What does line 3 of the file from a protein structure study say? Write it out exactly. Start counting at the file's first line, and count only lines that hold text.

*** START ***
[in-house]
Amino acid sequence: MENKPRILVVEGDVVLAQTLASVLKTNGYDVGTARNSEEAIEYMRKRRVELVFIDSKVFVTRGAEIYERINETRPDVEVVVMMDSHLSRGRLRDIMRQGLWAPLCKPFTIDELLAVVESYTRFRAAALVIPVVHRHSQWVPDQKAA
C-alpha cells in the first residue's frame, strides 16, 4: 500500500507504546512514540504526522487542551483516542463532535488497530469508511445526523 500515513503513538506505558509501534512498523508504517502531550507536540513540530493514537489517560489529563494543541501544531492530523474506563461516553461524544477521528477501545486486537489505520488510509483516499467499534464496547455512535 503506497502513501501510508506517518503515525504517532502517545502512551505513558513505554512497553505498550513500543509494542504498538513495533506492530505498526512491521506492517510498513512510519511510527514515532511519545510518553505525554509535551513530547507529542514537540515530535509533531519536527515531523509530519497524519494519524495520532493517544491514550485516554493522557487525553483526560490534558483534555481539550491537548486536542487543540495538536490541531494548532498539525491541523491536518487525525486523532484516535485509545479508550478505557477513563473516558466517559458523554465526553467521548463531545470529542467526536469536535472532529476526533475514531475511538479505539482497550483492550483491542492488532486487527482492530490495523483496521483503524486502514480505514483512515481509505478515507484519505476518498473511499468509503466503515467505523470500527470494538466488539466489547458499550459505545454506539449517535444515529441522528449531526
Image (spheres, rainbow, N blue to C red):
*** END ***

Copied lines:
C-alpha cells in the first residue's frame, strides 16, 4: 500500500507504546512514540504526522487542551483516542463532535488497530469508511445526523 500515513503513538506505558509501534512498523508504517502531550507536540513540530493514537489517560489529563494543541501544531492530523474506563461516553461524544477521528477501545486486537489505520488510509483516499467499534464496547455512535 503506497502513501501510508506517518503515525504517532502517545502512551505513558513505554512497553505498550513500543509494542504498538513495533506492530505498526512491521506492517510498513512510519511510527514515532511519545510518553505525554509535551513530547507529542514537540515530535509533531519536527515531523509530519497524519494519524495520532493517544491514550485516554493522557487525553483526560490534558483534555481539550491537548486536542487543540495538536490541531494548532498539525491541523491536518487525525486523532484516535485509545479508550478505557477513563473516558466517559458523554465526553467521548463531545470529542467526536469536535472532529476526533475514531475511538479505539482497550483492550483491542492488532486487527482492530490495523483496521483503524486502514480505514483512515481509505478515507484519505476518498473511499468509503466503515467505523470500527470494538466488539466489547458499550459505545454506539449517535444515529441522528449531526